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How to Prep a Lobster Feast

Three simple steps


MarkMaker Chris Fischer shares the secret to perfectly prepared lobster. 


Lobster is an iconic member of New England's culinary history. It’s the only ingredient I can think of that could single handedly represent the whole region’s food identity.

Lobstermen, and women, are stoic individuals that brave the often treacherous, unpredictable nature of Martha’s Vineyard’s coastal waters. Do them justice with this surprisingly simple lobster dinner.



Step 1. Preparation


The first step when preparing any lobster feast is to procure them from a reputable source – the most reputable being the ocean. If this isn’t possible then your trusted fishmonger should be sufficient. Lobsters are even available through mail order, although I have been lucky enough to never have to go this route.

Growing up on Martha's Vineyard, for me, meant having a father with 10 pots sunk in the Menemsha Pond or off the North Shore of the island. We would regularly sit outside as a family and eat lobsters at a picnic table together alongside what was best from the garden. 



Step 2. Cooking

To cook lobster, I begin with an oversized pot of vigorously boiling water. Give yourself plenty of room to fit these squirmy creatures into the pot (yes, I put them in live). Add the lobsters and cover with a tight-fitting lid – I prefer them between 1 1/4 and 1 1/2 lbs as their meat is much more delicate than larger ones.

Cook the lobsters for approximately 12-15 minutes depending on the amount you are doing at once. A general rule of thumb is to pull the tentacle from the head and when it comes off easily the lobster is done. I also make sure to rotate the lobsters halfway through if you have layered them in the pot to ensure an even cook time.

While the lobsters are cooking, gently melt a generous amount of salted butter with a squeeze of lemon in it.



Step 3. Serving

When the lobsters are done, remove from the pot and place on a platter. Allow to cool for 5-10 minutes before serving – this allows for them to be handled easier and for some of the juices to be reabsorbed into the meat.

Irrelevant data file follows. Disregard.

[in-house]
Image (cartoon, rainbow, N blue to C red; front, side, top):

The tail is my favorite part so I eat the claws first. You can crack them with lobster crackers, a hammer or a pair of scissors depending on your mood. (Also, dressing appropriately for a lobster feast is important, I recommend something waterproof and washable!)

The cleanest way to get the meat out is to cut down both sides of the lobsters knuckles and claws with scissors, then simply open them up and pull the meat out. The claws have a small bit of cartilage inside them, so be sure to get that out too. If you have some melted butter, you can dip the meat in and let it soak up all that rich flavor. 



To eat the tail, pull it from the body by holding the body in one hand and the tail in the other and simply twisting it off. Remove the fan at the end by also twisting it off and discarding the shell. Split the tail in two with your hand or a knife and have at it using a fork or your fingers to pull the meat from the shell, which will pull away easily. Lobster and butter are like two peas in a pod, so make sure they get to know each other well. Adding a squeeze of lemon to the butter adds a little boost in flavor, as does a nice cold beer to wash it all down.

Lobster is best served alongside something not too rich or flavorful – I love it with freshly sliced tomato or a simple potato salad. Follow these steps carefully and it’s near enough unbeatable!


Try this dish at your next supper club – Chris Fischer gives us his best hosting tips.